Llanfair is a small village situated to the east of the A496 coastal road between Llanbedr and Harlech, about a mile south of Harlech. The men of the village who fell during the Great War are commemorated on a simple war memorial. The men are listed on the memorial in order of date died, but I have re-arranged them into alphabetical order for ease of reading.
The Great War, 1914-1918
Isaac Gwilym Bevers, Second Lieutenant, Royal Welsh Fusiliers. Isaac was born at Henley, Oxfordshire on 10 May 1893, the son of Walter Bevers and Margaret Bevers (née Evans). Following the death of his father in 1902, the family moved back to Margaret’s native Merionedd, and lived at Trum Orthin, Harlech, near to her home of Llanfair. Isaac was educated at Barmouth School and gained his BSc at Bangor University prior to being commissioned into the Royal Welsh Fusiliers on 14 November 1914. He had served with the regiment at Gallipoli before being invalided home, where he got engaged to Gracie Thomas, of 298, High Street, Bangor. Bevers was posted to Whittington Camp, near Oswestry before being transferred to the 16th Battalion, Royal Welsh Fusiliers. The battalion was by then at Ypres with the 38th (Welsh) Division and on 31 July 1917 took part in the famous assault on Pilckem Ridge, during the opening day of the Third Battle of Ypres. Isaac is listed as having been killed in action on 2 August 1917, but he must have died of wounds suffered during the assault, as he is buried behind the lines in Dozinghem Military Cemetery, Belgium. The 24-year-old was due to go home on leave on the following day, to marry his fiancée, Gracie. Isaac is commemorated on war memorials at Bangor; Bangor University; and at Harlech.
Evan Evans, Corporal, 39185, Royal Welsh Fusiliers. Evan was the son of Griffith and Mary Evans, of Brwynllynau, Harlech. He worked as a farm labourer at Bootle prior to enlisting at Wrexham into the Royal Welsh Fusiliers on 10 December 1915. He was posted to the 3rd Battalion, Royal Welsh Fusiliers at Litherland and after training was posted to the Base Depot in France on 25 October 1916. Initially destines for the 2nd Battalion, RWF, he was instead posted to the 16th Battalion, RWF, which was attached to the 38th (Welsh) Division, and joined the battalion at the Canal Bank positions, north of Ypres on 6 November 1916. The Division held the line here following its move from the Somme earlier in the year, up until launching its assault on Pilckem Ridge, during the opening phase of the Third Battle of Ypres, on 31 July 1917. Following its success at Ypres, the Division was moved to positions near Armentieres to rest, leaving the Ypres sector on 10 September. Evan was promoted corporal soon afterwards. On 19 September 1917 his battalion was in the line near Sailly-Sur-La-Lys when it came under fire from German trench-mortar batteries. Evan was killed in action during the explosion of one of their shells that day. The 24-year-old is buried in Erquinghem-Lys Churchyard Extension, France. Evan is also commemorated on the Harlech War Memorial.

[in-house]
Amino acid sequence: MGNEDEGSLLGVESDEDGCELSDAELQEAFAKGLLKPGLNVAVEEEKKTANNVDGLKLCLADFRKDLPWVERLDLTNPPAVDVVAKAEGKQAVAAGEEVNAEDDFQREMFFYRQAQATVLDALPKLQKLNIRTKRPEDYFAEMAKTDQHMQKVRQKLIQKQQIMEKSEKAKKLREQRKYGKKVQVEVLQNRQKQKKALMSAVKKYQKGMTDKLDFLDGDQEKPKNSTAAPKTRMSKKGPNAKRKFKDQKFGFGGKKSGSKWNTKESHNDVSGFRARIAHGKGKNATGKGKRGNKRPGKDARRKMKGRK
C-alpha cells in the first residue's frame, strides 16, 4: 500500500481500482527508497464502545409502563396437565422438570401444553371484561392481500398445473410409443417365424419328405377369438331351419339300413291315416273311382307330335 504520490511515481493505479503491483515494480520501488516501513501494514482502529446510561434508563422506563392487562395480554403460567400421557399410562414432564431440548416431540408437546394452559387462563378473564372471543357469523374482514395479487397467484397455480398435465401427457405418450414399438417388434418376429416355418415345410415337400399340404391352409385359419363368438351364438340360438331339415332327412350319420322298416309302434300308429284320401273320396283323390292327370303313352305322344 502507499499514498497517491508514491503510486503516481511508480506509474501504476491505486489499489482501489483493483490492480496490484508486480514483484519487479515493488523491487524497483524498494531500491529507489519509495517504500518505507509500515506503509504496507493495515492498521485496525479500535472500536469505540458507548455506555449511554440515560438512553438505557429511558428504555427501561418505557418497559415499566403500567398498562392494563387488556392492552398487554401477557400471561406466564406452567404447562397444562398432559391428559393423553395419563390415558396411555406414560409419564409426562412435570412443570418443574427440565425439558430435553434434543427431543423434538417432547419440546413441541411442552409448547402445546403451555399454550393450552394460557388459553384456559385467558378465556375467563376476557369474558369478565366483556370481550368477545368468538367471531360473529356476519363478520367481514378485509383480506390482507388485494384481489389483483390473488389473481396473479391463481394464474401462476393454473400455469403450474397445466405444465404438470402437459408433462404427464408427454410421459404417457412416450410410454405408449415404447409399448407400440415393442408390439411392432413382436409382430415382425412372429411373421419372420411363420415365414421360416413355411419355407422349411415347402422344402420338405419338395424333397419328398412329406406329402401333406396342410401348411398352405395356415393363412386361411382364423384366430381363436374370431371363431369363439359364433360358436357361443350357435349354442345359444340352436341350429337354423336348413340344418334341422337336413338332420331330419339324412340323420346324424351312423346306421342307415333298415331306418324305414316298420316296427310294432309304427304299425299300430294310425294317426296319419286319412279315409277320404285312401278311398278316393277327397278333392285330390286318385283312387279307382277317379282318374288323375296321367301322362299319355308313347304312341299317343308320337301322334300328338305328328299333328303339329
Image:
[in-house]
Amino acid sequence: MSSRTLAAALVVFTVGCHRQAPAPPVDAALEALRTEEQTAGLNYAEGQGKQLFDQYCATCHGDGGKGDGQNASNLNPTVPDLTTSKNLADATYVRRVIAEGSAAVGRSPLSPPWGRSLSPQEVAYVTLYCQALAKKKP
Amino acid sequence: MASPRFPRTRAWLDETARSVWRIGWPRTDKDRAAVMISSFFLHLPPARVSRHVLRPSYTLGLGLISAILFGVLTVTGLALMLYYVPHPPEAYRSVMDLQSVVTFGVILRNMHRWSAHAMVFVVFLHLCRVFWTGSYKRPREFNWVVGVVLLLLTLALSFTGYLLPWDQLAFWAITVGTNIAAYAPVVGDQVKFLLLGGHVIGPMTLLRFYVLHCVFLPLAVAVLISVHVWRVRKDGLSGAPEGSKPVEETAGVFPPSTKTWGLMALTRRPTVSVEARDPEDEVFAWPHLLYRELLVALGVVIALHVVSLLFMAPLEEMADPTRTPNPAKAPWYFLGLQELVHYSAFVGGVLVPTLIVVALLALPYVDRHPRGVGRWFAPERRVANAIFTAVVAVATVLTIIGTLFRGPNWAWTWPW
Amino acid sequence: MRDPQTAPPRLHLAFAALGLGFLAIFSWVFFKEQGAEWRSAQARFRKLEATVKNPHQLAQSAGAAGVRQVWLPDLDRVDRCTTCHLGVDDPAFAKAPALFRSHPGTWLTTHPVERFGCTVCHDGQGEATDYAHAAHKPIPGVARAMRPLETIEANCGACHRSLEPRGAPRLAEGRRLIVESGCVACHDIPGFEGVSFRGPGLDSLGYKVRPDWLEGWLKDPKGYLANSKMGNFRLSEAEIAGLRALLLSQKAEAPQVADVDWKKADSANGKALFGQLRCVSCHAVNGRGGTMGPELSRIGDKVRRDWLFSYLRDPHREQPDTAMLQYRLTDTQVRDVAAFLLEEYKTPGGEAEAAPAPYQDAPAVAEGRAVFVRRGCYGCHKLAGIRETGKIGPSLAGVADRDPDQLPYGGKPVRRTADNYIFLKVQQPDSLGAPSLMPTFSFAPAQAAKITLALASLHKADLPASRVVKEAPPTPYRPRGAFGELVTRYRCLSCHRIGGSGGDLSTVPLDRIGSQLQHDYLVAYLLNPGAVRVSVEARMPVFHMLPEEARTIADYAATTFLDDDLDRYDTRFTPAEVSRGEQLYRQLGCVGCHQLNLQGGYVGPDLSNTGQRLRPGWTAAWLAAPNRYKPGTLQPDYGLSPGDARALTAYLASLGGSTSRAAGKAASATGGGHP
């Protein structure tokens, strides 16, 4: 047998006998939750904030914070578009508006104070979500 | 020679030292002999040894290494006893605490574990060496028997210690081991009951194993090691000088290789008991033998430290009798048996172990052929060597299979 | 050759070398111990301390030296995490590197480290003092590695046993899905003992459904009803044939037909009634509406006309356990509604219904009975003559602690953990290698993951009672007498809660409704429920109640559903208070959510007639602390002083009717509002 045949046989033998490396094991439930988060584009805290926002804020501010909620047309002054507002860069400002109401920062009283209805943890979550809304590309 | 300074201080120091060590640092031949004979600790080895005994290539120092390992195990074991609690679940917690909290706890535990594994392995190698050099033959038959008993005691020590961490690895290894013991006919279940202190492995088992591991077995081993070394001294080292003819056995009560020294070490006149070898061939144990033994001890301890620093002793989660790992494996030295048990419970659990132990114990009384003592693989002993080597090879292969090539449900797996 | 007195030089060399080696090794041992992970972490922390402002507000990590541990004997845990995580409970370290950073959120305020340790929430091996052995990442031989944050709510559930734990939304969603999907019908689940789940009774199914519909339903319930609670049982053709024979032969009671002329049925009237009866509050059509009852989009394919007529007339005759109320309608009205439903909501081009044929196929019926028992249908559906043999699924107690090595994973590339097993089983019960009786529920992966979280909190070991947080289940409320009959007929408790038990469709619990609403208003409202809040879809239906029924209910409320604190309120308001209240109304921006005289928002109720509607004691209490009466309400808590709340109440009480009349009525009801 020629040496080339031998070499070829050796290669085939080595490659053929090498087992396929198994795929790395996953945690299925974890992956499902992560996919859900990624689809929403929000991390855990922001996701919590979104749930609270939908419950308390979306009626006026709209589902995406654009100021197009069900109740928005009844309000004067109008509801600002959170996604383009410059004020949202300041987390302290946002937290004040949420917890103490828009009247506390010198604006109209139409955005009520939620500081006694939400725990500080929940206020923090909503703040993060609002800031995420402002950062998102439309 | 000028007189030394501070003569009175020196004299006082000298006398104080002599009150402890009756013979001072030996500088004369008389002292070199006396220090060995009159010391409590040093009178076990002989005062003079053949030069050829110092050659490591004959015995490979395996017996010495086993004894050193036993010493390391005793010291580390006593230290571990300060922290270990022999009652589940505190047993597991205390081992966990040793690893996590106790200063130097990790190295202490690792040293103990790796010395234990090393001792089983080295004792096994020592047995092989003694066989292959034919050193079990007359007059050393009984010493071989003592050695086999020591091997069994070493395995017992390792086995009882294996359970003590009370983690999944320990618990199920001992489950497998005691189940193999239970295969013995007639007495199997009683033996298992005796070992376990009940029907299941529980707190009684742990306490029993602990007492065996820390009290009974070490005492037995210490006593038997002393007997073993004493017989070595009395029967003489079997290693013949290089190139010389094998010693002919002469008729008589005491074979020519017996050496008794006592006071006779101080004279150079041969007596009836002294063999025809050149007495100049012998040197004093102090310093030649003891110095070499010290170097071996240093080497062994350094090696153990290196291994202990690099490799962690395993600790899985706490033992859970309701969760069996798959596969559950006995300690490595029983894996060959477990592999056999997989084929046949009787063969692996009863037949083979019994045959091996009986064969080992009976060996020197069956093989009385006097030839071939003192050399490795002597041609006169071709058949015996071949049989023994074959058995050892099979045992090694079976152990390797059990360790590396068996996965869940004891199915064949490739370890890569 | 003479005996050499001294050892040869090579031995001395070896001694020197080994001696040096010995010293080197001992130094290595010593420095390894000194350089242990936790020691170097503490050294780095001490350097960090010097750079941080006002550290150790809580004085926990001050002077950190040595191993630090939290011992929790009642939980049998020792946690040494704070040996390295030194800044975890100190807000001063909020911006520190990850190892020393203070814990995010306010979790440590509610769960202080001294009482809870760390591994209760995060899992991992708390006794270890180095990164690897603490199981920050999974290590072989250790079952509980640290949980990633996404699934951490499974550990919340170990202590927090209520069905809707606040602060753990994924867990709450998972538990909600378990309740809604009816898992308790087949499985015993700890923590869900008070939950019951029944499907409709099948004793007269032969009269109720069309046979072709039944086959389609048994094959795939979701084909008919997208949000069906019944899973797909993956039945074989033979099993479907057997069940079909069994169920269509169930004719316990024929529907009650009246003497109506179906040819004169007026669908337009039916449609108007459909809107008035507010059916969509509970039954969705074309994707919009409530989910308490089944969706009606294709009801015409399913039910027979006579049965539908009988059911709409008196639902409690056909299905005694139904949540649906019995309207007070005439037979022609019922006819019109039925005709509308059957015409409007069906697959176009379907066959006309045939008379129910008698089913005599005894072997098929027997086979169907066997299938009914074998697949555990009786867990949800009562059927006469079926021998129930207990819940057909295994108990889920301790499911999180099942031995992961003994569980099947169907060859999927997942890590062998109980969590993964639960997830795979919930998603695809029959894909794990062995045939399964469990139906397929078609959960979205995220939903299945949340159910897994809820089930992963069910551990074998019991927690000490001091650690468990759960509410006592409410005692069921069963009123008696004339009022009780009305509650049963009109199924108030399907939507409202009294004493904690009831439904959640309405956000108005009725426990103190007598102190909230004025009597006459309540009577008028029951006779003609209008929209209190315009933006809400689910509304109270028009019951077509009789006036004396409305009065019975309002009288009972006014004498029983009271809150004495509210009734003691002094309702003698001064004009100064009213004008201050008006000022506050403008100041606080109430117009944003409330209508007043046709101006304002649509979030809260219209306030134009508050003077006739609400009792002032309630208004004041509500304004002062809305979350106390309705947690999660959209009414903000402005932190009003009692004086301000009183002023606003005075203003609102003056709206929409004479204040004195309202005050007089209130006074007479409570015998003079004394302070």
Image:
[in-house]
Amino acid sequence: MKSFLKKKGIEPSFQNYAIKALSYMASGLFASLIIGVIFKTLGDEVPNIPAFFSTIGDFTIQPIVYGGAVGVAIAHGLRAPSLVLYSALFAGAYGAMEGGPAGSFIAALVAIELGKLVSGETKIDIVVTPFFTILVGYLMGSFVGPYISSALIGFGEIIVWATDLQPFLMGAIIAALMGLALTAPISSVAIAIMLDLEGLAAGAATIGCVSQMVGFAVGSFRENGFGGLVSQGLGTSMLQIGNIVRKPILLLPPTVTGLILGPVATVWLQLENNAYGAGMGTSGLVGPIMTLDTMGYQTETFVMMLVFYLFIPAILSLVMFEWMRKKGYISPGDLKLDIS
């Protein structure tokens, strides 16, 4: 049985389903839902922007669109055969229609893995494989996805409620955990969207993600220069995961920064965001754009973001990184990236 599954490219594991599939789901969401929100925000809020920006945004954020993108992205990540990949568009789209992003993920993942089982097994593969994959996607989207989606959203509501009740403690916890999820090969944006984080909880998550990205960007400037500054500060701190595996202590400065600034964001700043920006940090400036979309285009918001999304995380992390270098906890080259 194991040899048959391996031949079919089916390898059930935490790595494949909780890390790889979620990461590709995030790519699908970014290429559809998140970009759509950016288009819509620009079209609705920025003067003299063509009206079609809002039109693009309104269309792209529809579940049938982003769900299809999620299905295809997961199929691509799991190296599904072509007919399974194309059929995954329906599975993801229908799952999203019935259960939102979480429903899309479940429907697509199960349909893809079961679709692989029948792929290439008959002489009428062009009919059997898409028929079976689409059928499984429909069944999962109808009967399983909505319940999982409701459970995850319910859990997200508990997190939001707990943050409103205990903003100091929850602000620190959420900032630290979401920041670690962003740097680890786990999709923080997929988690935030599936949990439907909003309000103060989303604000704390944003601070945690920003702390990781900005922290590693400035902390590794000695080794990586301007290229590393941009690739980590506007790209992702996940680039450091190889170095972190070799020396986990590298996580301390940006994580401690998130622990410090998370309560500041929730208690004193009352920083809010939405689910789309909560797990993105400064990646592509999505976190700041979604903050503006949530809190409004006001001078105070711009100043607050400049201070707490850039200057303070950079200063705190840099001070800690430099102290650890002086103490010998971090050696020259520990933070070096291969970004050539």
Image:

Rhys Roberts Humphreys, Air Mechanic 2nd Class, 109537, Royal Flying Corps. Rhys was born on 4 April 1897, the son of John Evans Humpreys and Elizabeth Humphreys, of Gwynfryn, Llanbedr. He was studying at Oxford when war broke out, and had served with the Officer Training Corps. He was commissioned as a Second Lieutenant into the Welsh Regiment on 30 August 1915 and served for twelve months before being discharged and re-enlisted at Armoury House into the Honourable Artillery Company on 20 October 1916. He served in France from 10 October 1916 until 22 December 1916 before returning to England to be discharged to a commission into the Royal Naval Air Service. He joined the RNAS on 8 April 1917 and was posted to Crystal Palace for training, before joining the RNAS Airship Depot at Wormwood Scrubbs, but went AWOL and was discharged from the RNAS as a result. He then joined the Royal Flying Corps, and was posted to the 35th Training Squadron to train as a pilot. On 15 March 1918, Rhys was undertaking flying instruction aboard a Bristol F.2b, Serial C4647, with Captain Edward Fraser Norris, and was carrying out loops, when the wings folded and the aircraft crashed into the ground at Port Meadow Aerodrome, Oxford, killing both men. Rhys was 21 years old and his remains were brought home for burial in Nazareth Calvinistic Methodist Cemetery, Penrhyndeudraeth.
Griffith Morris Jones, Lieutenant, Westmoreland and Cumberland Yeomanry. Griffith was born at Llanfair on 20 April 1890, the son of the Reverend Robert Jones and Ellen Jones. His father was, at the time, vicar of St. Mary’s Church. He was educated at St John’s College, Ystrad Meurig and at Jesus College, Oxford, graduating BA in 1917. Griffith had enlisted into the Westmoreland and Cumberland Yeomanry in September 1914 and was commissioned as Second Lieutenant on 23 October 1915. He married Elizabeth Cragg, of North Villa, Edentown, Carlisle, that year. Griffith does not appear to have served overseas, but his time in khaki ruined his health and he took ill in the summer of 1918, before being sent to the Pinewood Sanatorium, Wokingham. He was diagnosed as suffering from tuberculosis and was then transferred to the Matlock Sanatorium in Derbyshire, where he died of tuberculosis on 13 December 1918, aged 28. His remains were brought home for burial in St. Mary’s Churchyard, Llanfair.